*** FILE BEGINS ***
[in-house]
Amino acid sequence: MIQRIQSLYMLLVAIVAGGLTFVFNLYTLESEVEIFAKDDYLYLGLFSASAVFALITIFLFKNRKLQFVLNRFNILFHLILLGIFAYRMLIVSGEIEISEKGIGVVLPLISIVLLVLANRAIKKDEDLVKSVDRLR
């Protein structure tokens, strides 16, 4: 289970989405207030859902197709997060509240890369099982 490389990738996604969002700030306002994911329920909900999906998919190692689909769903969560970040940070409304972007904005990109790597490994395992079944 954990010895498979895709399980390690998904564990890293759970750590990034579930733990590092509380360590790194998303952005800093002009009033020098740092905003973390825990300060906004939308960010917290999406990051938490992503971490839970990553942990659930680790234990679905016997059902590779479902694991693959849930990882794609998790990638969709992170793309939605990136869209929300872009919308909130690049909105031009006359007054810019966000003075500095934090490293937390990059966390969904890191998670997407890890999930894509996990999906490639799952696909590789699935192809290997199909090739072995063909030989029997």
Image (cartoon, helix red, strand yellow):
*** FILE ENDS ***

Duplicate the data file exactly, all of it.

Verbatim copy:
[in-house]
Amino acid sequence: MIQRIQSLYMLLVAIVAGGLTFVFNLYTLESEVEIFAKDDYLYLGLFSASAVFALITIFLFKNRKLQFVLNRFNILFHLILLGIFAYRMLIVSGEIEISEKGIGVVLPLISIVLLVLANRAIKKDEDLVKSVDRLR
């Protein structure tokens, strides 16, 4: 289970989405207030859902197709997060509240890369099982 490389990738996604969002700030306002994911329920909900999906998919190692689909769903969560970040940070409304972007904005990109790597490994395992079944 954990010895498979895709399980390690998904564990890293759970750590990034579930733990590092509380360590790194998303952005800093002009009033020098740092905003973390825990300060906004939308960010917290999406990051938490992503971490839970990553942990659930680790234990679905016997059902590779479902694991693959849930990882794609998790990638969709992170793309939605990136869209929300872009919308909130690049909105031009006359007054810019966000003075500095934090490293937390990059966390969904890191998670997407890890999930894509996990999906490639799952696909590789699935192809290997199909090739072995063909030989029997």
Image (cartoon, helix red, strand yellow):